Sexual violence awareness survey

Second round of surveys track student knowledge of sexual violence resources on and off campus.

Jackie Bussjaeger, Editor-in-Chief

Pipers may be having a sense of deja vu lately when they check their inboxes—there’s a reason that the “Knowledge of Sexual Violence Policies and Incidents” looks familiar. Around this time last year, juniors Brynna Morgan and Elena Anderson, with the help of women’s studies professor Kristin Mapel Bloomberg, created the survey as a collaborative research project to assess the occurrences of sexual violence on campus and student awareness of campus resources related to sexual violence. Roughly a fourth of Hamline students participated in this survey, and the three collaborators are distributing it once again in 2015 to obtain comparative results.

The current survey is nearly identical to the first, with a few additional questions and some edits for fine-tuning, according to Anderson. The additional data collected by this survey is meant to gather even more information to track change, compare and add to the body of information collected last year.

“Before the survey, the only available data to students [about occurrences of sexual violence] was the Clery Act, which reported no sexual assaults, or at least a very small number, which we knew anecdotally wasn’t true,” Morgan said. “So the survey is looking to inform policy decisions as well as educational efforts, and really just inform students of what’s actually going on here, because the lack of transparency before the survey was kind of unnerving.”

The Clery Act is a federal statute that requires universities that participate in federal financial aid programs to report all incidents of on-campus crime (including sexual assault). This information appears in the safety report published annually by Safety and Security. However, the data gathered by offices on Hamline’s campus is problematic, because many instances of sexual assault happen off-campus, and many cases of rape and sexual violence are not reported by survivors at all.

“I think that things that happen between students off-campus and members of the community are still very important knowledge to have and they still impact the environment of the school,” Anderson said.

Last year’s survey revealed that out of all the incidents of sexual violence on campus, only seven percent were reported to Hamline. Of the 25 percent who indicated that they were survivors of assault, 33 percent said that the assault occurred while at Hamline.This number is statistically similar to the national standard, which reports that on average, a quarter of college and university students have experienced sexual assault. Of the incidences that occurred at Hamline, just over half happened off-campus—suggesting that the Clery data is missing a large portion of the actual rates of sexual violence experienced by students.Survivors of all genders were assaulted most often by males, and almost always by acquaintances, romantic partners and other peers.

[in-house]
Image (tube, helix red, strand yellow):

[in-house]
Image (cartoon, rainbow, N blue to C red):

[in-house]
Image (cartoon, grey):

“It’s not the narrative of ‘stranger in the bushes,’” Morgan said. Mapel Bloomberg agreed, explaining that the misconceptions about sexual violence sometimes make it seem as though it isn’t really as prevalent as statistics show.

“In my experience, there tends to be a narrative created at Hamline that stuff like that doesn’t happen here,” Mapel Bloomberg said. “This shows that it does, and that we’re very typical, in terms of how this happens—that it tends to be peers, and sadly, that first-year students are particularly vulnerable.”

Morgan, Anderson and Mapel Bloomberg released the results of the first survey during the fall 2014 semester, when they met with many campus offices and administrators to explain the implications of the survey and methods for assisting students in situations of sexual violence.

“That’s what our reasoning is why we want to continue to spread this data, because we think Hamline has the potential to be better than the national standard,” Anderson said. “We are not doing this to be antagonistic towards our university; we actually have a lot of faith in our university and respect for the community of our university, and think that it has the capability to be better than national standards, and to excel above that.”

Morgan and Anderson have been promoting the survey through the Student Affairs office, as well as through word of mouth and collaboration with professors, who often forward it to their classes. According to Mapel Bloomberg, the survey itself acts as a tool to educate students about the steps to take and campus resources to use in instances of sexual violence or harassment.

“We’re using this as an education tool—getting the word out to various groups on campus about the realities of the environment here,” Mapel Bloomberg said. “Again, we’re pretty typical compared to our national peers, and our goal is to be atypical. So we have to be armed with ‘what is the reality?’ and have a good sense of what’s going on the reality, so that we can change it to something better.”

Morgan, Anderson and Mapel Bloomberg plan to continue this research and distribute the survey again next year, hoping to see Hamline’s occurrences of sexual violence decrease and knowledge of on-campus resources increase.The complete results from last year’s survey can be viewed at, and the researchers stated that the preliminary results of the second survey will most likely be released during the last week of classes. A larger version will be available in the fall. The current survey is still open and can be found at

Here are a few hints—after all, the survey is an assessment of your knowledge. On-campus resources for sexual assault include the office of Title IX Coordinator Patti Klein, the office of Dean of Students Alan Sickbert, the Women’s Resource Center directed by Professor Kathy Burleson and the office of Safety and Security.